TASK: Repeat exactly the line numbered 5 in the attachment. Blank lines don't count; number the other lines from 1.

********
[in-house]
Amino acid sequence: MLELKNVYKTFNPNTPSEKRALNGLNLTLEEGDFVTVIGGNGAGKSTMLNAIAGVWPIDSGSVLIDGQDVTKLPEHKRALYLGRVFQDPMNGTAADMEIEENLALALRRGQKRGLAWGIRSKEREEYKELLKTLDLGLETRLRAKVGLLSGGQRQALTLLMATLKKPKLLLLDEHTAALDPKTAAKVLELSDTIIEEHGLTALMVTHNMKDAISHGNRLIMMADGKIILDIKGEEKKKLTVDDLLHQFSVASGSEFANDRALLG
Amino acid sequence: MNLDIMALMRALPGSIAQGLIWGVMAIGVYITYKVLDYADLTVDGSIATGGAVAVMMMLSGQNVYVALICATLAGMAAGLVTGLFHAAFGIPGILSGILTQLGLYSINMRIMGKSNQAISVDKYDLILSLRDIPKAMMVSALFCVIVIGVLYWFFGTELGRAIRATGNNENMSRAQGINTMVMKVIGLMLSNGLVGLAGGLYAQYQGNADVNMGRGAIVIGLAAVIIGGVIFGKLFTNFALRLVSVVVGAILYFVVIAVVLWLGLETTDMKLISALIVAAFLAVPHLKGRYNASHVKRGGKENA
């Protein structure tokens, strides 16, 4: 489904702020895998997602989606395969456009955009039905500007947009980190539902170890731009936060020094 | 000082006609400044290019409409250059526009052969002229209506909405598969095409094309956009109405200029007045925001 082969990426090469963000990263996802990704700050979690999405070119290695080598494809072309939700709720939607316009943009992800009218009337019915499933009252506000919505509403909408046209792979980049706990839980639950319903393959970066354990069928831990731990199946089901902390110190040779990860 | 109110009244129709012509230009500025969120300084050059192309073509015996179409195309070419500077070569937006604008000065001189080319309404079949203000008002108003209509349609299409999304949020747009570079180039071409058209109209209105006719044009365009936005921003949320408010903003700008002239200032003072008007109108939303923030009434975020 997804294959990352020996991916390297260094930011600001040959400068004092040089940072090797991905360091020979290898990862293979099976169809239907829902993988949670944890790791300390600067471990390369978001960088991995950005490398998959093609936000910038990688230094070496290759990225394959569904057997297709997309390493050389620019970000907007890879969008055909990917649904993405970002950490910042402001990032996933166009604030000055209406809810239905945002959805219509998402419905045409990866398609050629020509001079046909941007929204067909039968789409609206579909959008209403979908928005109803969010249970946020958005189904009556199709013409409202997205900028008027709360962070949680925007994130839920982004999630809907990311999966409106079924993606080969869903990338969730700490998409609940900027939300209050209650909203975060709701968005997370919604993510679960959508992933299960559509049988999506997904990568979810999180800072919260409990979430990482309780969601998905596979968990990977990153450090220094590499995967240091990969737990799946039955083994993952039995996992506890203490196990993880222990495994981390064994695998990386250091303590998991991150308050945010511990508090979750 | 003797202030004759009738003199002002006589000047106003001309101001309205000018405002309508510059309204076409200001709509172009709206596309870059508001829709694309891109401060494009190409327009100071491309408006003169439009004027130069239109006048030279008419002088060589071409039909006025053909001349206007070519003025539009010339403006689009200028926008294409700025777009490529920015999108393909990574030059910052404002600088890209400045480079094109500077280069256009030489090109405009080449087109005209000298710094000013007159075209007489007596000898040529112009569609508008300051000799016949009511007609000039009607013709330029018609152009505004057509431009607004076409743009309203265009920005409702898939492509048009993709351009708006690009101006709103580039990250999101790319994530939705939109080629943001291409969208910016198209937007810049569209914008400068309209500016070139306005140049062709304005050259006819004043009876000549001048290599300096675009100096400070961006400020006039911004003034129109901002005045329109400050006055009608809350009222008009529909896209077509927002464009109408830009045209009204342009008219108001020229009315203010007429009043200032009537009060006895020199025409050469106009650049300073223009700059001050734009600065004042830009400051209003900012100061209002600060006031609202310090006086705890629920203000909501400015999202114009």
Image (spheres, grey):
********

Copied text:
Image (spheres, grey):